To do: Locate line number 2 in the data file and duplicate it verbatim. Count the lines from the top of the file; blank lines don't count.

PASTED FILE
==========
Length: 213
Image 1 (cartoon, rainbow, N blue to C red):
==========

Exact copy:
Image 1 (cartoon, rainbow, N blue to C red):